Parashat Shlah

Slowly Healing the World

Like Moses and Caleb, we make progress in fits and starts.

Print this page Print this page

This profound lack of confidence is not foreign to us. Faced with overwhelming and seemingly intractable oppressive power, such as the might of China or the dictatorships in Sudan or Burma, the devastating impact of natural disasters, or even the insidious inequalities in our own country, we often feel helpless before forces and people beyond our control. Yet in so many small and large ways, our impact can be felt.

The power of every individual to impact a situation is implied in these verses, as the parashah explicitly names every one of the spies who entered the land of Israel (Numbers 13:4-16). This naming suggests a focus on individual responsibility, an assertion that each person can make a profound difference, as Caleb and Moses do in defending the people before God after their rebellion.

The Zohar goes further, suggesting that acts of personal bravery and responsibility can empower not only ourselves but God. The Zohar looks at the words that Moses uses to plead on the people's behalf. He says (Numbers 14:17): "may the power of God be great," and appeals to God's thirteen attributes of Mercy (Numbers 14:18-20).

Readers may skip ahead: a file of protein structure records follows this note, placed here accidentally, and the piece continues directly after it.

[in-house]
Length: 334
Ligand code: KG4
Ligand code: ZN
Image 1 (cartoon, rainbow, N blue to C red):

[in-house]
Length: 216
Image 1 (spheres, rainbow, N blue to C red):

By invoking God's amazing capacity for forgiveness--essentially stirring God to access these powerful attributes--Moses empowers God to forgive. We see that human acts of justice can help God recognize and enact God's best self. Not only are we not powerless, but our power extends to bringing the Divine to action.

Yet this power is not a magic wand to achieve a better world. Neither Caleb nor Moses is able to win immediate entry for the people into the Land, but they transform a death sentence into a promise of deferred entry into the Land after 40 years of wandering.

Like Moses and Caleb, we make progress in fits and starts. By averting tragedy or making a situation bearable, we slowly heal the world and make it a better place. And this slow healing, this taking responsibility and doing what we are able, can have profound consequences.

Many of the problems we encounter in the world seem overwhelming, complicated, and insolvable. Often social conditions and structures of power seem too deeply entrenched to change, or too large to conquer, as they did to the spies. But on closer inspection, this story reveals merely a failure of vision and not a failure of ability.

Did you like this article?  MyJewishLearning is a not-for-profit organization.

Please consider making a donation today.

Rabbi James Jacobson-Maisels

Rabbi James Jacobson-Maisels teaches Jewish thought and mysticism at the Pardes Institute of Jewish Studies in Jerusalem.